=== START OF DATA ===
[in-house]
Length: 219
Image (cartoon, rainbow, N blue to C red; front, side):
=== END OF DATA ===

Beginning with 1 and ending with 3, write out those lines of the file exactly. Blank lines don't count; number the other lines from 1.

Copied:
[in-house]
Length: 219
Image (cartoon, rainbow, N blue to C red; front, side):